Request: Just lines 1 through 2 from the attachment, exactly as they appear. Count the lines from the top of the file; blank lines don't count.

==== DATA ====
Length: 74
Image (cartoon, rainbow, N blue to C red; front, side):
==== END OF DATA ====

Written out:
Length: 74
Image (cartoon, rainbow, N blue to C red; front, side):